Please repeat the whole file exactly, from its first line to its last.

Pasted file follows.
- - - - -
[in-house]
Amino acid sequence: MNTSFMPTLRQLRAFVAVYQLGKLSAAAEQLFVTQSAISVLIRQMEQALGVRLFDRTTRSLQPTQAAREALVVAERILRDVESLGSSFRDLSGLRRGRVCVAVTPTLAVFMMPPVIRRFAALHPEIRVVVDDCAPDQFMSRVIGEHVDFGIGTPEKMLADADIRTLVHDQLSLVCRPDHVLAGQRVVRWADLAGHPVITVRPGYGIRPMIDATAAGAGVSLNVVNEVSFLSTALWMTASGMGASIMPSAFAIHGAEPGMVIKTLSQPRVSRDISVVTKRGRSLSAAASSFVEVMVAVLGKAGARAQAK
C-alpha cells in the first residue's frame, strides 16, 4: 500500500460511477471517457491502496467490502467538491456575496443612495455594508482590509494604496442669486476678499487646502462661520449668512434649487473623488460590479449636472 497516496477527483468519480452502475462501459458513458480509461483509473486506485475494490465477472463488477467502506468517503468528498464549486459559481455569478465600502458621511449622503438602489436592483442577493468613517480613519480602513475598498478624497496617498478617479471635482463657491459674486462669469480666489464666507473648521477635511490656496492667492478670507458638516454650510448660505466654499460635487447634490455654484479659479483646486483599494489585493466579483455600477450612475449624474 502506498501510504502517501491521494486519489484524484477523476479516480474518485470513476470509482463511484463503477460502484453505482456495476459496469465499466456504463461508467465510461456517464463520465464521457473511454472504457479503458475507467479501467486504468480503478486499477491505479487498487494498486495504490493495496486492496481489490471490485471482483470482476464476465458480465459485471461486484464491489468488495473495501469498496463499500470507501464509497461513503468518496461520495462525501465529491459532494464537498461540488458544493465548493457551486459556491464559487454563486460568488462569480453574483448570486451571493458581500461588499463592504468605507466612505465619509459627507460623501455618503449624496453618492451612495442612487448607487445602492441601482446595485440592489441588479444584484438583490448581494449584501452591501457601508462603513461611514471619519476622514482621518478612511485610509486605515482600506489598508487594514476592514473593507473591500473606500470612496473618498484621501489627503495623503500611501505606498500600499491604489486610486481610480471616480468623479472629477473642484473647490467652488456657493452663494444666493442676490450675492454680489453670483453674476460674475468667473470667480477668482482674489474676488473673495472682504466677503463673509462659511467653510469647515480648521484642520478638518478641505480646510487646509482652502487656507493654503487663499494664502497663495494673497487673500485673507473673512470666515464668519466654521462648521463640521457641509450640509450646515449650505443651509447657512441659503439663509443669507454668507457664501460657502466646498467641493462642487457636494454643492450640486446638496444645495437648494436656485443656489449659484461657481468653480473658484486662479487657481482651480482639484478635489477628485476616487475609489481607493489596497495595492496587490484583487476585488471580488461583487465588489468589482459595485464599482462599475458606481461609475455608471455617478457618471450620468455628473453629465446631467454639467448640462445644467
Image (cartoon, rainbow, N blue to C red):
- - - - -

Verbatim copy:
[in-house]
Amino acid sequence: MNTSFMPTLRQLRAFVAVYQLGKLSAAAEQLFVTQSAISVLIRQMEQALGVRLFDRTTRSLQPTQAAREALVVAERILRDVESLGSSFRDLSGLRRGRVCVAVTPTLAVFMMPPVIRRFAALHPEIRVVVDDCAPDQFMSRVIGEHVDFGIGTPEKMLADADIRTLVHDQLSLVCRPDHVLAGQRVVRWADLAGHPVITVRPGYGIRPMIDATAAGAGVSLNVVNEVSFLSTALWMTASGMGASIMPSAFAIHGAEPGMVIKTLSQPRVSRDISVVTKRGRSLSAAASSFVEVMVAVLGKAGARAQAK
C-alpha cells in the first residue's frame, strides 16, 4: 500500500460511477471517457491502496467490502467538491456575496443612495455594508482590509494604496442669486476678499487646502462661520449668512434649487473623488460590479449636472 497516496477527483468519480452502475462501459458513458480509461483509473486506485475494490465477472463488477467502506468517503468528498464549486459559481455569478465600502458621511449622503438602489436592483442577493468613517480613519480602513475598498478624497496617498478617479471635482463657491459674486462669469480666489464666507473648521477635511490656496492667492478670507458638516454650510448660505466654499460635487447634490455654484479659479483646486483599494489585493466579483455600477450612475449624474 502506498501510504502517501491521494486519489484524484477523476479516480474518485470513476470509482463511484463503477460502484453505482456495476459496469465499466456504463461508467465510461456517464463520465464521457473511454472504457479503458475507467479501467486504468480503478486499477491505479487498487494498486495504490493495496486492496481489490471490485471482483470482476464476465458480465459485471461486484464491489468488495473495501469498496463499500470507501464509497461513503468518496461520495462525501465529491459532494464537498461540488458544493465548493457551486459556491464559487454563486460568488462569480453574483448570486451571493458581500461588499463592504468605507466612505465619509459627507460623501455618503449624496453618492451612495442612487448607487445602492441601482446595485440592489441588479444584484438583490448581494449584501452591501457601508462603513461611514471619519476622514482621518478612511485610509486605515482600506489598508487594514476592514473593507473591500473606500470612496473618498484621501489627503495623503500611501505606498500600499491604489486610486481610480471616480468623479472629477473642484473647490467652488456657493452663494444666493442676490450675492454680489453670483453674476460674475468667473470667480477668482482674489474676488473673495472682504466677503463673509462659511467653510469647515480648521484642520478638518478641505480646510487646509482652502487656507493654503487663499494664502497663495494673497487673500485673507473673512470666515464668519466654521462648521463640521457641509450640509450646515449650505443651509447657512441659503439663509443669507454668507457664501460657502466646498467641493462642487457636494454643492450640486446638496444645495437648494436656485443656489449659484461657481468653480473658484486662479487657481482651480482639484478635489477628485476616487475609489481607493489596497495595492496587490484583487476585488471580488461583487465588489468589482459595485464599482462599475458606481461609475455608471455617478457618471450620468455628473453629465446631467454639467448640462445644467
Image (cartoon, rainbow, N blue to C red):